I was recently at a community meeting where various leaders in HIV services gathered to figure out, among other things, how to end HIV stigma. Whereas the working group’s other agenda items were more concrete, the attempt to end stigma struck me as a rather awkward task to get my head around. After all, I have been working on various anti-stigma endeavors for the better part of a decade and I still don’t have an easy answer to what HIV stigma actually… is.
It’s always been difficult to fight HIV stigma because it is an ever-changing foe. The prejudice and misperceptions about what it means to be living with HIV have changed as quickly as the drugs that are used to treat it. So, in the age of PrEP and U=U, exactly what impact does HIV stigma have today?
In my observation, it is the misplacement of sympathy, or worse, pity, for those living with HIV and the impact and ramifications it can have. Stigma isn’t just committed by those who are negative but by those who are positive themselves. Self-loathing is often one of the biggest symptoms of a person’s diagnosis that is often left untreated. There is no reason whatsoever for a person to feel ashamed or guilty for contracting something that virtually everyone has been at risk of at one time or another. Still, it is often an inevitable by-product of the systems of care we have in place.
It isn’t enough to tell someone they are going to be “OK.” Being just OK is not something that anyone aspires to be. It is my ultimate wish that every person who is newly diagnosed is immediately told they are fabulous and flawless, and that this won’t stop them from being the best person they can be.
I can only imagine the many ways I could have used my own diagnosis as an excuse for being too afraid to go after what I want.
I see this in so many who struggle with overcoming the weight that HIV can be. To this day, I remember the first time I told my best friend about having HIV, to which she replied, “Phew! At least it’s not cancer!”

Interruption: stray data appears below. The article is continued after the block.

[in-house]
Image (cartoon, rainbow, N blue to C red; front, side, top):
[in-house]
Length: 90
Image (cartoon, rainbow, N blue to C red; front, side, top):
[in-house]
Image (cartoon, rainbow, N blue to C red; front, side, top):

As odd a response this may have been, it’s the only one that stuck with me. I told countless others after, but I adapted her approach instead of my sobbing ones. In doing so, it didn’t just help me, but it helped the people I confided in. It took the air out of it, because the truth was that my health was totally fine, and I was going to be fabulous.
Someone who feels like they are undeserving of love or too afraid to open up to their friends and family can easily slip into a place of self-pity. This type of stigma can be somewhat of a crutch that can hold so many back from living the life they absolutely deserve. A life with HIV is now limitless, but the failure to recognize this reality is a direct result of stigma. Whether it is a caregiver who treats a patient as a victim, a friend who walks on eggshells, or an HIV-positive person who benches themselves in the game of life when it’s only just begun, this is how I view the stigma that keeps us from moving forward in the fight against HIV.
HIV is now highly manageable and easily treatable. Full stop. So many want to argue that this isn’t the case, but when only discussing the virus, it absolutely is. However, such barriers like a lack of resources, racial inequities in care, and the misplaced perceptions of severity are keeping so many from getting their limitless life back.
People don’t need you to feel sorry for them. What they need is stigma-free access to quality care that is delivered by people who understand them. That is how we fight stigma. That is how we end HIV.